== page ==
By Paul H. Vickers, Friends of the Aldershot Military Museum
On Farnborough Road (A325), around 200 metres north of the junction with Pennefather’s Road, is a small stone drinking fountain dedicated to the memory of Captain Charles Beresford of the Royal Engineers. Although one of the busiest roads in the area, few who drive along Farnborough Road will be aware of this inconspicuous memorial which can only be appreciated if on foot, and even then many may not be aware of the tragic story of this young officer who lost his life in a terrible accident.
Charles Claudius de la Poer Beresford was born 4 October 1879, the eldest son of Colonel Charles Frederick Cobbe Beresford of the Royal Engineers. The Beresfords were a large military family - in 1910 there were ten members of the extended family serving as officers in the Army and Lord Charles Beresford was an Admiral in the Navy and an MP. Charles Claudius was commissioned into the Royal Engineers on 23 March 1899 and saw active service in the South African War (Second Boer War) from 1901 to 1902, for which he was awarded the Queen’s South Africa Medal with five clasps. Beresford was promoted to Captain in March 1908, and was stationed in Aldershot as commanding officer of 1st Field Troop RE.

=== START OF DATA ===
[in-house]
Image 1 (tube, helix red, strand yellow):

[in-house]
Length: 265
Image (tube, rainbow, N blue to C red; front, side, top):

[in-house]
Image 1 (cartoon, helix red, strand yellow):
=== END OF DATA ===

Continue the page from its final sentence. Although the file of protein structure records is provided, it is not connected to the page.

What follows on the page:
A few minutes after 6 o’clock on the morning of 30 May 1910, Captain Beresford led his troop out of their barracks and on to the Farnborough Road, beginning a journey to Christchurch, where the troop was to take part in exercises. They had only gone between two and three hundred yards when one of the horses at the back of the troop, ridden by Driver Perry, bolted and raced out of control. Beresford heard the noise and, turning in his saddle, saw the runaway dashing towards him. There was no doubt that Driver Perry was heading for a serious and possibly fatal accident.
Immediately Beresford took action to try and stop the bolting horse and rode forward to block the runaway’s path with his own horse. Unfortunately Perry’s mount was too out of control to stop and horse and rider crashed into the side of Beresford. Down went both horses and men in a confused tangle on the ground. Members of the troop rushed forward, but with the panicked horses thrashing around it was some minutes before they could reach the men and try to extricate them. Diver Perry had bad cuts and damage to an eye, but it was clear that Captain Beresford had suffered much more serious injuries and was unconscious. Medical aid was summoned and within a few minutes Captain Bridges of the Royal Army Medical Corps was at the scene. Bridges quickly diagnosed that Beresford had a fractured skull and damage to the spine, and ordered that both men were to be taken to the Cambridge Military Hospital.
Perry’s injuries were treated and he was soon making good progress, but Beresford’s case was regarded as hopeless and a telegraph was sent to the family. His father arrived at the hospital and was with his son when he died a few minutes after 5 o’clock, having never regained consciousness. “A gloom was cast over the whole of the corps of Royal Engineers, and indeed throughout the camp generally, when the sad intelligence became known”, reported Sheldrake’s Aldershot Military Gazette.